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Compensation framework

Lungs [illustration] While it is crucial to keep improving our understanding of and expertise in dust management and disease prevention, our aim is to ensure that all former and current mine employees who have contracted occupational illnesses from their employment are adequately compensated.

South Africa has two compensation systems, one governed by the Occupational Diseases in Mines and Works Act (ODMWA) and another governed by the Compensation for Occupational Injuries and Diseases Act (COIDA). Most mineworkers in South Africa are covered by ODMWA for occupational lung diseases, based on a state-determined assessment of whether or not a mine is 'controlled'.

Mining companies contribute certain amounts to an ODMWA-based compensation fund. The certification process, determination of impairment, and processing and payment of compensation are undertaken by the state.

Over several years the administration of the ODMWA fund deteriorated severely. The Working Group has worked closely with the current Compensation Commissioner to address this challenge. This is described in more detail below.

How is compensation currently governed?

ODMWA is more than 100 years old and was last amended in 1994. The Act provides compensation for OLD among current and former mineworkers and employees in controlled “works” only. ODMWA provides for post-mortem benefits for mineworkers if an OLD is found – even if it was not the cause of death. ODMWA pays lump sum benefits based on the level of impairment and does not make any further pension provision.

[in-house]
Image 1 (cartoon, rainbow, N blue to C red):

COIDA was promulgated in 1993. It covers occupational injuries and diseases in all industries, including those in the mining sector that are not covered by ODMWA – for example, noise-induced hearing loss (NIHL).

Source: National Institute for Occupational Health

The operations of the Medical Bureau for Occupational Diseases (MBOD), established in terms of ODMWA, are a government function, although the funds distributed to eligible claimants are sourced from regular employer contributions.

In 2004, our companies initiated a dialogue, with the Department of Health and organised labour, aimed at improving access to compensation for former mineworkers. Out of that was established the multi-stakeholder Former Mineworker Project, which included a pilot programme being rolled out to assist rural hospitals develop the capacity to examine former mineworkers and assist them with compensation applications. The MBOD was part of that project, along with the NUM.

In addition, the Chamber of Mines has provided financial assistance to the MBOD/Compensation Commission for Occupational Diseases (CCOD) to set up ’one stop‘ occupational health services for former mineworkers in Mthatha, Kuruman and Carletonville. The companies involved in the OLD initiative also partnered with the MBOD to launch Project Ku-Riha.